Archbishop Daniel garnered support to keep Catholic schools in the Indianapolis center-city open to serve students from low-income families and the growing immigrant population. He also led the effort to build two new grade schools in the center-city. Archbishop Daniel expanded the archdiocese's ministry to young adults by starting a Theology on Tap program, adding new college campus ministry programs, and creating new archdiocesan staff positions to provide outreach to young adults.

In 2003, Archbishop Daniel established the ministry of permanent diaconate in the archdiocese. The first class of 25 deacons was ordained in 2008, and the ministry continues to flourish.

Archbishop Daniel founded the Bishop Simon Bruté College Seminary in Indianapolis in 2004, to prepare college seminarians for major seminary. The seminary quickly attracted young men discerning a vocation to the priesthood and today has nearly 50 seminarians from 10 dioceses.

Archbishop Daniel also expanded the services of Catholic Charities and social outreach ministries of the archdiocese. The archdiocese in 2009 opened a 30,000-square-foot shelter for homeless families, the Holy Family Shelter, located on the west side of Indianapolis.

The financial health of the archdiocese also improved under Archbishop Daniel's management. During his tenure, the archdiocese raised $300 million through the annual stewardship appeal and separate capital campaigns to pay for building projects and ministry needs throughout the archdiocese.

After a series of significant budget deficits, Archbishop Daniel guided the archdiocese back to firm financial footing and break-even budgets. He also oversaw the dramatic growth of the Catholic Community Foundation, which oversees the archdiocese's endowments. During his tenure, 337 endowment funds with a value of more than $100 million were established.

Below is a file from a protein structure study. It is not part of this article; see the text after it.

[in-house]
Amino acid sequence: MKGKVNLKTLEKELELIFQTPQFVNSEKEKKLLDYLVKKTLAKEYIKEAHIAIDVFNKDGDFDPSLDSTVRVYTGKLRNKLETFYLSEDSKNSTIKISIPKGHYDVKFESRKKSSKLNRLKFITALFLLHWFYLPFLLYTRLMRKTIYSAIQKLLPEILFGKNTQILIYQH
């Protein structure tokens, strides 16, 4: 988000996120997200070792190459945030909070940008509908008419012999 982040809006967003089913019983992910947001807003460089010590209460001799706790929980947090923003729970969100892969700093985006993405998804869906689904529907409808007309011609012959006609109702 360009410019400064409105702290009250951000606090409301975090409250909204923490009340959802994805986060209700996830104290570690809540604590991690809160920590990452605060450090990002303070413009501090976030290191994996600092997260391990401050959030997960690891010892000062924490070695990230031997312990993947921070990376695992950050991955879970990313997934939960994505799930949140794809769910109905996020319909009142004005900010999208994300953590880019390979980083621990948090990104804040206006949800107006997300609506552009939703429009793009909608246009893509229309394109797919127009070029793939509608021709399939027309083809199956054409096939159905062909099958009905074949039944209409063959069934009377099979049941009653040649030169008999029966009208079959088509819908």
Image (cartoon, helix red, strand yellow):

He suffered a mild stroke on March 18, 2011, and was admitted to St. Vincent Hospital in Indianapolis. On August 1 he sent a letter to the Holy Father asking, for reasons of health, to resign from his responsibilities as archbishop and to return to Saint Meinrad. Pope Benedict XVI granted his request, and the Archbishop took up residence in the monastery infirmary in October.

He continued his office of teaching as his health permitted, publishing in 2013 the book, Surprised by Grace: Memories and Reflections After 25 Years of Episcopal Ministry.

The funeral Mass will be at 11 a.m. Wednesday, January 31, at Saints Peter and Paul Cathedral, Indianapolis. Visitation will be at the cathedral Tuesday, January 30, from 9:30 a.m. to 6:30 p.m. and Wednesday from 9 to 10:45 a.m. before the funeral. (These times are Eastern Time.)

Following the funeral, the body will be transferred to Saint Meinrad Archabbey, where the Office of the Dead will be prayed at 7 p.m. Wednesday, January 31, in the Archabbey Church. Visitation will be from 8 to 9 p.m. Wednesday and from 8:30 to 9:45 a.m. Thursday, February 1. At 10 a.m. Thursday, Mass will be celebrated, followed by burial in the Archabbey Cemetery. (These times are Central Time.)